She farms extremely rare Marzemino, a Northern Italian grape that produces big, black wines that are thick and fleshy, similar to Tannat. She devotes two lonely rows to Marzemino, the last grapes to ripen on her 3½-acre property.
She makes very few bottles, but the wine is worth finding. It’s resplendent in raspberry, strawberry and violet, and bright, intense fruit.
Since Marzemino is not officially recognized as a grape variety in the United States, it’s labeled simply “red wine.”
Old Vines, New Tricks
Lodi’s young winemakers get creative with the region’s heritage grapes.
Winemakers have found gold in the century-old Bechthold Vineyard, the oldest continuously farmed vineyard in Lodi.
Originally planted in 1886, it encompasses 25 acres of gnarled, head-trained vines once thought to be Black Malvoisie.
The variety turned out to be Cinsault, an obscure, lightly colored, softly perfumed red grape native to Languedoc-Roussillon, typically used as a blending component.
Planted by the same family that founded Lodi’s Jessie’s Grove Winery, it may be the oldest Cinsault vineyard in the world. Dusty and deep-rooted, the low-yielding block is dry-farmed.
Once the planting was discovered to be Cinsault, Bonny Doon Vineyard’s Randall Grahm started sniffing around. Before long, Tegan Passalacqua of Turley Wine Cellars, Gideon Beinstock of Clos Saron and others were making flowery, raspberry-delicious Bechthold Vineyard wines.
One of the first young, Napa-based winemakers to discover the old vines, Jillian Johnson makes a Bechthold Cinsault under her label, Onesta.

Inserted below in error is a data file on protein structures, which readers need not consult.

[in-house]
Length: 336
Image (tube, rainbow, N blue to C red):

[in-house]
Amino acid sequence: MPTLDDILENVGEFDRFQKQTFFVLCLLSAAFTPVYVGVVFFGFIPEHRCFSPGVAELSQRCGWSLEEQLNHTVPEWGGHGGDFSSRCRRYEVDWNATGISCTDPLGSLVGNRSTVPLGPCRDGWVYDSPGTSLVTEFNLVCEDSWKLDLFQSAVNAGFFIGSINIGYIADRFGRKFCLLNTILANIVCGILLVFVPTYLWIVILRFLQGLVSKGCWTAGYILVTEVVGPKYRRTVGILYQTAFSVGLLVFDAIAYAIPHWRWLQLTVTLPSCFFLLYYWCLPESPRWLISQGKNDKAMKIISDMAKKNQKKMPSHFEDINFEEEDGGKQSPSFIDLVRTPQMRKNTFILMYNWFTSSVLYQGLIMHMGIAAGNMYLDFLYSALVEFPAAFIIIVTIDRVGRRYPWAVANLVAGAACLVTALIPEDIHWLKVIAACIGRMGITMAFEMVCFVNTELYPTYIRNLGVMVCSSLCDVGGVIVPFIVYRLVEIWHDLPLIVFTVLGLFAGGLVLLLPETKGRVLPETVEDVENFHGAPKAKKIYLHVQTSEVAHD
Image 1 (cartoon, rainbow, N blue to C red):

Crafted using grapes from the lowest-yielding section of the vineyard, the wine carries a waft of rhubarb, cherry and cardamom spice, with moderate tannins and a velvety midpalate.
Lodi's Top Varieties:
Generally speaking, east-side Zinfandels are deep and rich with flavors of black tea and dusty chocolate; west-side Zinfandels are round, lush and earthy with good acidity.
Widely planted along Lodi’s cooler western side, the grape takes on a variety of characters like elsewhere in California, from green apple and citrus to more voluptuous tropical flavors.
Often blended with Zinfandel, Lodi Petite Sirah is rich in spicy, brooding blackberry and blueberry flavors, with a deep, rich structure of coarse tannin.
From very old vines, Lodi’s Cinsault is light in weight and alcohol, soft yet structured, extremely perfumed with strong notes of rhubarb, strawberry and raspberry.
Dry Clarksburg Chenin Blanc has vibrant tropical fruit and melon aromas with ample texture and bright acidity. Some producers make it in a Vouvray style, with a hint of residual sugar.